How a City Efficiently Delivered Transit, Despite Pandemic

By:  Gurjap Birring

Prior to the fall of 2018, Belleville Transit offered evening service by running two buses on a single fixed route that circled the entire city. The routes ran from 9:00 PM to 12:30 AM and were mainly intended to serve workers commuting to and from work in the city’s North East Industrial Park. 

But bus frequencies were low and the coverage area was minimal, it wasn’t a very convenient service and didn’t draw significant ridership.

In a conversation with Pantonium, Paul Buck, Belleville’s Manager of Transit Operations, revealed that the service was “only carrying about 35 or 40 passengers a night, and it just wasn’t sustainable…it wasn’t working efficiently”. 

Vehicles often ran empty and were unproductive. The transit agency wasn’t happy with the wasted fuel, purposeless mileage, and accumulating vehicle wear-and-tear. 

By replacing the fixed routes with on-demand service, Belleville had mostly hoped to be able to get their riders home a little bit quicker and stop wastage. They didn’t anticipate just how successful the service would be. 

The new on-demand service, which covered 100% of the city’s bus stops, delivered immediate results to Belleville. 

“We saw a 250 rider increase in two weeks,” said Buck. “until it maxed out at about a 300% increase in ridership very very quickly and caught us completely by surprise”.

The transit agency chalks up the immediate success of the project to how convenient and accessible the new on-demand service was.

“The service is customer-controlled, it’s very easy for a customer to use, and we put the power in their hands in order to book the ride and book the time and get to where they want to go,” Buck said. “It’s just incredibly convenient over regular fixed routing.”

Beyond increasing productivity for the transit agency, the service also made compelling social and economic impacts for city residents.

The findings of a recent survey of riders conducted by the University of Toronto indicated that most sampled riders were young, low-income earners, who lacked other transportation options. More than 70% of respondents believed on-demand transit made night travel more convenient. 

The new service also had a tremendous impact on the local economy, with 72% of respondents indicating they rely on the service to travel to their jobs.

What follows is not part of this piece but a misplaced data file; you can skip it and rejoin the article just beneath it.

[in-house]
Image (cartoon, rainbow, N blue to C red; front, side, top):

According to Belleville’s Manager of Economic & Strategic Initiatives, Karen Poste, access to labour was one of the biggest challenges for local employers.

“Once they’re able to find employees to work in their facilities, the challenge is getting them to come to all shifts. Most of our employers work a 24/7 schedule, and it has been a challenge for them to get staff to their facilities after normal working hours,” said Poste.

She says companies tell her regularly that the introduction of on-demand service has allowed them to completely fill their shifts. 

“The on-demand transit service has almost completely eliminated absenteeism, the late times employers have been dealing with because people are able to get to work on time,” she said.


Rapidly Adapted to COVID-19 Using On-Demand

Like other cities across the world, Belleville too saw its ridership completely evaporate in late March following the spread of COVID-19. Paul Buck recounted that without fare income, he knew transit service would have to be reduced. 

However, to continue accommodating essential trips and workers, they determined that adequate service would still need to be offered from 5:00 AM to midnight.

“So we started looking at our options. Do we run hourly service?” Buck said. “How can we set this up to make the most amount of sense with what we had”. 

Belleville determined the best way forward was to discontinue all the fixed routes and switch over to full-day on-demand service. “It just made perfect sense,” he said. 

Outreach was done to let the community and local employers know of the coming changes and drivers were evenly scheduled so not a single one had to be laid off.